Batch 19 By: Sean Creevey
The newest addition to the Coors Brewing Company family is likely older than anyone reading this. Their new brew is a revival of a bygone era and representative of the tenacious character that is Coors. What they’ve come to call this brew is Batch 19, and it has an accompanying story that will drive you to your first bottle and a taste that will keep you drinking. The “19” in Batch 19 refers to the year 1919, the last year before prohibition banned the sale and consumption of alcohol. The importance of this will become clear in a moment but here’s a hint: they call this brew a pre-prohibition style lager and a couple years ago they found some buried treasure. Before I can just come right out and talk about the beer there are a couple things that need to be known about Coors’ history first.
The brewery that we now call Coors was initially founded in 1873 by two German immigrants Adolph Coors and Jacob Schueler; Coors bought out Schueler seven years later. Luckily for Coors there was already 40 years of established brewing out of Golden, Colorado that allowed them to stay float during the dark ages (of prohibition) and come out intact. Once prohibition ended Coors went on to start making the classic American lager for upwards of a century until 2004 there was a flood in one of the breweries in Golden. As a result of this flood many of the archives had to be moved so as to not get ruined forever. Some of these archives contained old log books from the pre-prohibition era (there’s a picture on Facebook) so naturally people were curious. Various members of the brew team looked at the logs and found some recipes and notes that intrigued them. There was one that stood out and was in production for only about three years before prohibition shut down their operation. Now you may be asking yourself, “if they’ve had this recipe all along why wait until now to start brewing it again?” the answer comes from the nature of the 1920’s and 30’s. During these two decades our nation went through some drastic changes socially, economically and politically. The Great War, the Great Depression, and prohibition led to a different type of desired beer. Once the taps started to flow again there was a high demand for what we would now call adjunct lagers, light and refreshing lagers that were the product of the technological boom in the industry. These types of beers became a status symbol in the post-prohibition days, forcing the abandonment of the pre-prohibition lager. However, the times, they are a-changin’ once again with a growing desire for the brews of old; this is where Batch 19 comes into play.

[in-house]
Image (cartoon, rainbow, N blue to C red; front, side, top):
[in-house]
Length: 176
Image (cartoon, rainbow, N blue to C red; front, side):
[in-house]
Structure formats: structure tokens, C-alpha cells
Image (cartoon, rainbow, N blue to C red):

There’s one man who spear-headed the creation of Batch 19 and his name is Keith Villa. You might have heard of him, he’s a brewmaster with a quite a few ventures under his wing; his most noteworthy thus far would have to be Blue Moon. He’s one of a handful of people in the industry with a PhD and Batch 19 is proof of his skills. When Keith and the other members of the brew team were working on reverse engineering the recipe for this lager they ran into some difficulties. The biggest obstacle they faced was trying to find all the right ingredients and put them all together in the same fashion. Unfortunately, this is just about impossible, it called for native strains of barley, some type of unspecified hops and a yeast h 19strain that may very well not exist anymore. Thus, this is where Keith’s expertise came into play; he fiddled with the recipe for several years, comparing his brews to the notes from the past until he was finally satisfied. In 2009 a handful of cities were chosen for a test run of the small batches of Batch 19 with great success. Soon thereafter the brew began shipping nationwide; of course it’s a smaller scale than the rest of Coors’ operation but so is to be expected in order to maintain consistency.
About the brew itself
Batch 19 is a pre-prohibition American style lager that’s uniquely hopped for your drinking pleasure. To get geeky for a minute, the brew contains 5 different types of hops, one of which is Hursbrucker, a German noble hop that brings a floral/ spicy element to the mix. Another type of hop is Strisselspalt, a French hop with a spicy, black current taste that works to bring out the bready malt flavors. The yeast that’s used is the Coors proprietary strain that’s used, in one variety or another, for most of their brews. Put these together, add a little bit a magic and you get a lager with a 5.5% ABV, around 26 IBU’s and 10-12 SRM (deep gold/ light amber in color). It’s a very approachable beer and a welcomed change of pace from the norm, perfect for making new nostalgia. Keep an eye out for their unique tap handle, indicative of the methods of the old ways of tapping barrels of lager (or a federal agent smashing the last barrels of the then-illegal nectar, your pick). Some bars will even keep the speakeasy allure going by serving the brew in a “serving growler”, 64 ounces to be shared amongst your friends as they did once upon a time. Note: the “serving growler” is not your standard growler with a screw top you can take home, so don’t’ try and walk out with it or you might find yourself feeling like the drinkers of prohibition.
This is a beer for those seeking the original style, before breweries became corporations and beer became ubiquitous. Batch 19 is an embodiment of our nation’s tumultuous past; it’s progressive yet wholly grounded in the ideals that started the brewing industry. To get your hands on some of your own, you can locate the closest vendor by visiting Batch 19’s locator at www.batch19.com/locator